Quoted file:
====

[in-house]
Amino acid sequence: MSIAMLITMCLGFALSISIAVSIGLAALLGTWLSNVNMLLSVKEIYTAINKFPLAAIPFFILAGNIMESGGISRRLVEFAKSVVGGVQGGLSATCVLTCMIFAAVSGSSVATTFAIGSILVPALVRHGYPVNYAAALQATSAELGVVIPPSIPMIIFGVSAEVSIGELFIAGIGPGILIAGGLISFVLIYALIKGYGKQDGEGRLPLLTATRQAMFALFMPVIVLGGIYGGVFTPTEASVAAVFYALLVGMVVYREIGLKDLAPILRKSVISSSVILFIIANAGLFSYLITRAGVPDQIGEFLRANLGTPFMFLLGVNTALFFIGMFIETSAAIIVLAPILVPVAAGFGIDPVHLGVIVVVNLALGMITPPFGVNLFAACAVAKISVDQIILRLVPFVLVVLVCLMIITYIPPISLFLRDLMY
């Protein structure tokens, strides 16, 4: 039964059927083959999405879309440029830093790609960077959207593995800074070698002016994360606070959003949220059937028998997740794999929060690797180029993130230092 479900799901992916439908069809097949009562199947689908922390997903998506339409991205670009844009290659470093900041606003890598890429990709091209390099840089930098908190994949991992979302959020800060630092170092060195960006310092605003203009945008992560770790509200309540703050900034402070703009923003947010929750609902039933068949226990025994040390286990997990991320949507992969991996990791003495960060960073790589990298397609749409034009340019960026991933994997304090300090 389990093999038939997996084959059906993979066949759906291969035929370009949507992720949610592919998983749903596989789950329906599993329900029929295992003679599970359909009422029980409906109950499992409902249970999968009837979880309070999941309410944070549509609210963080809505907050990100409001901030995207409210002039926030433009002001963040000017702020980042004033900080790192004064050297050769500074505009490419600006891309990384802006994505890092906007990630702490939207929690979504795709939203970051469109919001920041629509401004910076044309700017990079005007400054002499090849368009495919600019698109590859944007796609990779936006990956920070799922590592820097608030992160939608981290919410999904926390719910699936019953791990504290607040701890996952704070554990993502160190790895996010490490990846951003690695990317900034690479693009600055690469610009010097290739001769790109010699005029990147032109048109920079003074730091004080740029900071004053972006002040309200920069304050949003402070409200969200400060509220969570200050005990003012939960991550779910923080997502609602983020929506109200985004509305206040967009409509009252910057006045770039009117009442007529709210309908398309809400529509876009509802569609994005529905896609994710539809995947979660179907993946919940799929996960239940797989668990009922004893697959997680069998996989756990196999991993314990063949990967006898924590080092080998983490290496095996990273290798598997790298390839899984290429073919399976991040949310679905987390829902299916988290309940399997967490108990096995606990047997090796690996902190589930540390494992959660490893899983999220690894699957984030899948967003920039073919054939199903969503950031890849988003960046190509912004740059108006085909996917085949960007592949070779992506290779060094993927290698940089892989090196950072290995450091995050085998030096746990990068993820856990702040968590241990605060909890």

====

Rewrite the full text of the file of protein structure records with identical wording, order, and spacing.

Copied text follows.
[in-house]
Amino acid sequence: MSIAMLITMCLGFALSISIAVSIGLAALLGTWLSNVNMLLSVKEIYTAINKFPLAAIPFFILAGNIMESGGISRRLVEFAKSVVGGVQGGLSATCVLTCMIFAAVSGSSVATTFAIGSILVPALVRHGYPVNYAAALQATSAELGVVIPPSIPMIIFGVSAEVSIGELFIAGIGPGILIAGGLISFVLIYALIKGYGKQDGEGRLPLLTATRQAMFALFMPVIVLGGIYGGVFTPTEASVAAVFYALLVGMVVYREIGLKDLAPILRKSVISSSVILFIIANAGLFSYLITRAGVPDQIGEFLRANLGTPFMFLLGVNTALFFIGMFIETSAAIIVLAPILVPVAAGFGIDPVHLGVIVVVNLALGMITPPFGVNLFAACAVAKISVDQIILRLVPFVLVVLVCLMIITYIPPISLFLRDLMY
């Protein structure tokens, strides 16, 4: 039964059927083959999405879309440029830093790609960077959207593995800074070698002016994360606070959003949220059937028998997740794999929060690797180029993130230092 479900799901992916439908069809097949009562199947689908922390997903998506339409991205670009844009290659470093900041606003890598890429990709091209390099840089930098908190994949991992979302959020800060630092170092060195960006310092605003203009945008992560770790509200309540703050900034402070703009923003947010929750609902039933068949226990025994040390286990997990991320949507992969991996990791003495960060960073790589990298397609749409034009340019960026991933994997304090300090 389990093999038939997996084959059906993979066949759906291969035929370009949507992720949610592919998983749903596989789950329906599993329900029929295992003679599970359909009422029980409906109950499992409902249970999968009837979880309070999941309410944070549509609210963080809505907050990100409001901030995207409210002039926030433009002001963040000017702020980042004033900080790192004064050297050769500074505009490419600006891309990384802006994505890092906007990630702490939207929690979504795709939203970051469109919001920041629509401004910076044309700017990079005007400054002499090849368009495919600019698109590859944007796609990779936006990956920070799922590592820097608030992160939608981290919410999904926390719910699936019953791990504290607040701890996952704070554990993502160190790895996010490490990846951003690695990317900034690479693009600055690469610009010097290739001769790109010699005029990147032109048109920079003074730091004080740029900071004053972006002040309200920069304050949003402070409200969200400060509220969570200050005990003012939960991550779910923080997502609602983020929506109200985004509305206040967009409509009252910057006045770039009117009442007529709210309908398309809400529509876009509802569609994005529905896609994710539809995947979660179907993946919940799929996960239940797989668990009922004893697959997680069998996989756990196999991993314990063949990967006898924590080092080998983490290496095996990273290798598997790298390839899984290429073919399976991040949310679905987390829902299916988290309940399997967490108990096995606990047997090796690996902190589930540390494992959660490893899983999220690894699957984030899948967003920039073919054939199903969503950031890849988003960046190509912004740059108006085909996917085949960007592949070779992506290779060094993927290698940089892989090196950072290995450091995050085998030096746990990068993820856990702040968590241990605060909890």